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Canada Two-foot ball python rescued after being dumped in Surrey park

15:11  22 may  2020
15:11  22 may  2020 Source:   globalnews.ca

Man caught driving impaired twice in 1 night 'selfish' say Surrey RCMP

  Man caught driving impaired twice in 1 night 'selfish' say Surrey RCMP Surrey RCMP are publicly calling out the actions of a 37-year-old man for what they are describing as"'selfish behaviour," after he was pulled over twice in one night for allegedly operating two different vehicles while drunk. In a statement, the force says the Surrey man may "face a long road through the court system," after officers pulled him over for impaired driving in two separate incidents involving two different vehicles just hours apart on the night of May 18. Police say around midnight, an RCMP officer came across a collision involving an SUV and a sedan in the area of 16th Avenue and 168 Street.

a close up of a snake: The snake was found apparently abandoned in Surrey's Tynhead Park on Thursday. © Westcoast Reptile Education Society The snake was found apparently abandoned in Surrey's Tynhead Park on Thursday.

A two-foot ball python is recovering in care, after apparently being dumped in a Surrey park by a careless pet owner.

The snake was spotted earlier this week in Tynehead Park, and was recovered by the Westcoast Reptile Education Society (WRES) on Thursday.

Ball pythons are not venomous, and feed on small animals such as birds and mice.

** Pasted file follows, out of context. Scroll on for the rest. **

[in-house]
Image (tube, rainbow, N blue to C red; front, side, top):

READ MORE: Delta police search for slippery fugitive ‘Gypsy’ the ball python

WRES says the snake is likely between three and five years old, and underweight.

Dog rescued from river as water levels prompt safety concerns

  Dog rescued from river as water levels prompt safety concerns A dog was successfully rescued from the North Saskatchewan River on Sunday morning. Edmonton Fire Rescue Services was called around 10 a.m. to reports of a dog in the river near the Walterdale Bridge, according to an emailed statement from spokesperson Brittany Lewchuk. The river rescue team reached the pet within six minutes and shortly afterwards brought the dog onto its boat. The pet was on its way back to its owners on shore, Lewchuk said. Edmontonians and their pets were being encouraged to stay off the river and away from its banks as rapidly rising water levels and more floating debris makes the river unsafe to be near or on, including for firefighters.

Dr. Adrian Walton from the Dewdney Animal Hospital says it is the fourth abandoned snake that he knows of this year alone.

"Every spring we get a bit of a deluge, especially on the first of every month," he said.

"One drowned in the container it was in, and two that were able to crawl a short distance, were recovered, and are now recovering," he said.

READ MORE: Police find 8-foot boa constrictor during call about man with machete in Oppenheimer Park

WRES says some snake owners abandon the animals in the spring, believing they'll fare better in the warmer weather.

Walton says anyone who finds themselves with a pet they can no longer care for should surrender it to a shelter, rather than dumping it in the wild where it may not survive.

Coronavirus: Couples separated by U.S.-Canadian border finally embrace at Peace Arch park .
The park, which stretches across the border, has been a loophole for couples to meet up ever since provincial and state parks reopened. Samantha Balenzano lives in Maple Ridge, B.C., her boyfriend Ian Forster lives in Tumwater, Wash. Forster, who hasn't been able to hug his girlfriend since the borders closed in March, calls the park magical. "I have just been running through scenarios of meeting up with her and hugging her in my mind for the past 11 weeks, so to actually be able to do it has been a dream come true.

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